living like I mean it

I’m sitting smack dab in the middle of my comfort zone: summer.

I’m living like I mean it. I’m a shell gatherer. A flower picker. A storm cloud watcher. I’m a bird listener. A porch sitter. Healthier. Happier. Whole.

Around the house, I putter at this and dabble at that. No pressure. Not many have-tos. I make my bed every morning and tumble back into it at night, satisfied. My blood pressure’s down, and my hope’s up. And yes, I have sorrows. But blessings too. So many blessings.

 I thrive in summer. All steam heat and sultry days. Plenty of time and lots of the very best things to eat, see, and experience. In essence, I’m living all summer has to offer.  Just picked fruits and vegetables. Digging my feet in the sand. Estimating the time I have on the hard sand before the tide rises. Endless and awe-filled gazing at our grand daughter.

All the important stuff.

Ive read this book

and this one

and this guide has helped me create more simple and healthier options into our cleaning caddy.

I’m paging through this new cookbook

and so thrilled to be spending more time experimenting with this one.

Feel good about using this sunscreen every day and loving the fresh, summery scent of these lemongrass essential oils  in our laundry.  These reusable produce bags are my new favorite shopping habit.

Cannot wait to try my new tripod (thanks to a couple of Christmas gift cards, a bit of extra time for a road trip here, and a really good deal.) Maybe one of these is in my future?

Yep. It’s summer. And I’m living like I mean it. 

Headed here for the day!

Postcard to follow!

 

for peach

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Emerging from hibernation feels a bit awkward. It’s been almost eight months since I posted here. As for writing, there’s only snatches of notes and quotes scattered in my journal. Just now, I feel more comfortable with other peoples’ words than I do my own. I find my meaning and fill my need through them and theirs.

I wonder what exactly I’m afraid of. I wonder about the loss of my voice. I notice the fragmentation of my thoughts, the unsustainability of my attention. I miss writing, sure, but I’ve been in hiding. From you. From me. From feelings and experiences too fresh and difficult to explore.

Ernest Hemingway once advised: “All you have to do is write one true sentence. Write the truest sentence you know.”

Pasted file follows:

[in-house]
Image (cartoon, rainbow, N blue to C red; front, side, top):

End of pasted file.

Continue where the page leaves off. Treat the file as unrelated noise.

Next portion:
So here’s mine: My mother died January 8, 2019.

I am bereft. A little directionless. Still stunned to just about wordless.

It’s not as if I didn’t know what was coming. I did. Much of last fall was spent in preparation and a gradual comprehension of what was to come. Perhaps it’s more that I didn’t and couldn’t know how I’d feel right there at the end. And after.

After, I’m learning, is for always.

There must’ve been a part of me that didn’t know what that would feel like until I lived it. Until I loved it. Because love endures, tangled up as it is with grief, regret, years of memories, and a new awareness of my own mortality.. Losing my mother has evolved into a certain loneliness. I catch myself sometimes mentally feeling for her, emotionally reaching for her. And she’s gone. I feel orphaned. A fact which I’m somehow still unable to resolve.

Last Mother’s Day, I gave my mother a tangerine-colored, single subject, wide-ruled notebook. Nothing fancy, but cheery, functional, and ready. Tucked between its pages, quotes from many of my favorite writers: Joan Didion, Hemingway, Anne Lamott, Stephen King, Erin Loechner, and Donald Murray who wrote, “Writers are expert dawdlers.”

For as long as I could remember, my mother talked of writing her story.  I hoped she’d release her words to the winds and maybe a bit of pain as well. Confined to her bed for the most part, I hoped she’d finally write in that notebook. Get it all down. Let it all out. Be the writer I always knew she could be.

Funny to think of it now, I believe she wanted the very same for me.

I know I’m out of my writing rhythm, and not at all sure what to say. But for today at least, I’m feeling brave enough to emerge from silence, stretch a bit, and give it another go. Today’s a day as good as any to start writing again.

 

just do

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Nike got it right.

Just Do It.

Brilliance in only three, one-syllable words.

I spend so many days busily living the norm. Whatever the time of year, days have a certain flow and rhythm, regular and habitual tasks, and the occasional moment of spontaneity where life feels a little more fun and free.